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This week was full of good ideas that rapidly turned into bad ideas. Let’s start off with TYRION, who’s still stuck in one of THE EYRIE‘s sky cells. The view is certainly picturesque, but doesn’t quite make up for the precipitous drop, so Tyrion bribes a guard to tell Lysa that he’s ready to confess his crimes. Tyrion takes advantage of his audience with the Lady to confess everything from admiring a young lady’s tits to “making the bald man cry into the turtle soup,” but when it comes to killing JON ARRYN or trying to kill BRAN, he’s afraid he’s clueless. Rather than be tossed back into a cell (or out through the Moon Door, a whopping great hole in the throne room floor), Tyrion demands his right to trial by combat – then selects his brother JAIME as his champion. Brilliant idea! Except Lysa decides that the trial will take place immediately, and as Jaime doesn’t seem to be available, it looks like Tyrion will have to defend himself. That is, until BRONN the mercenary steps up and says he’ll fight on the dwarf’s behalf. There’s a short, particularly nasty fight, and Lysa’s champion finds himself sailing out the Moon Door. Having passed the trial, Tyrion and Bronn depart the Eyrie.

Bran’s good idea was to take his brand new, custom-made saddle for a spin, while THEON and ROBB are arguing about whether or not the Starks and Lannisters will be going to war. His good idea rapidly turns bad when he wanders too far off and is attacked by WILDLINGS. They’re cutting him out of the saddle when Robb shows up and starts aerating their midsecctions, but before he can finish them off, one of the Wildlings snatches Bran from his saddle as a hostage. Given the circumstances, that probably seemed like a good idea at the time, but Theon’s arrow says otherwise. Robb’s actually kind of annoyed that Theon saved Bran’s life. Well, more accurately, he’s scared shitless that his little brother nearly got his throat slit, and takes that out on Theon, claiming to be miffed that Theon’s arrow might’ve accidentally finished what Jaime started. Theon is just annoyed that Robb is annoyed. In the midst of all this flying angst, Robb spares the life of the last Wildling, a female.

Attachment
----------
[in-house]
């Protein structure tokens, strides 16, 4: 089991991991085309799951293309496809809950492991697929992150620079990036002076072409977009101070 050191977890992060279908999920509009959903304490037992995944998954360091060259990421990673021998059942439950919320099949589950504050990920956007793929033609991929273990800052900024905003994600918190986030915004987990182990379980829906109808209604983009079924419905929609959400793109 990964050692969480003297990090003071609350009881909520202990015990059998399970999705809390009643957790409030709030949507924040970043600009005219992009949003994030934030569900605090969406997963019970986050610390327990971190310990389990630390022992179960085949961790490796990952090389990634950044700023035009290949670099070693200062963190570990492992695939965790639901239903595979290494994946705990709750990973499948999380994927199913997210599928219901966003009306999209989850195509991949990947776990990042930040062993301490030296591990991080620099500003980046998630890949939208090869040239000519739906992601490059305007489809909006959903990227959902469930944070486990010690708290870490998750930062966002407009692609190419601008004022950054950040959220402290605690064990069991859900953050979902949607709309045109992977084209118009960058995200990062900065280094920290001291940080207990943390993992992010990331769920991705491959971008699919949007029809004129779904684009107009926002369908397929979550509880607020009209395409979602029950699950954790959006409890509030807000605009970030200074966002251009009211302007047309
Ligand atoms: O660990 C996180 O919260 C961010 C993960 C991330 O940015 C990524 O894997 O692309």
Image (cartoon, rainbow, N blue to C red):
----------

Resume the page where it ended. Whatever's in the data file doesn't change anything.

KING ROBERT forces NED to reclaim his position as Hand of the King, then heads off to a hunt, so Ned does his best to fill in while Fat Bob is gone, which is a fine idea, especially if he wants to prevent war between his family and the Lannisters. Ned’s still insisting that capturing Tyrion was his idea, by the way, which is both noble and ungodly stupid. Some farmers come to court to say that a Very Scary Man has been burning their land, covering their children in pitch, and generally ruining everyone’s day. PETYR observes in the worst stage whisper ever that the lands in question belong to CATELYN‘s family, and that the Very Scary Man sounds an awful lot like The Mountain, GREGOR CLEGANE, aka the fixer for Tywin Lannister. So Ned decides the best course of action is to not wait for the King to get back, but instead to strip The Mountain of all of his lands, his title, and make him a marked man by sentencing him to death. Because, you know, that will totally keep the Lannisters off his back. There’s something to be said for being a man of honor, but as Bronn might point out, it’s not honor that wins fights. Ned has to know that his actions will put him right back in the Lannisters’ crosshairs, but maybe he believes that it’s more important to be just than to be safe. Or maybe he’s just an idiot.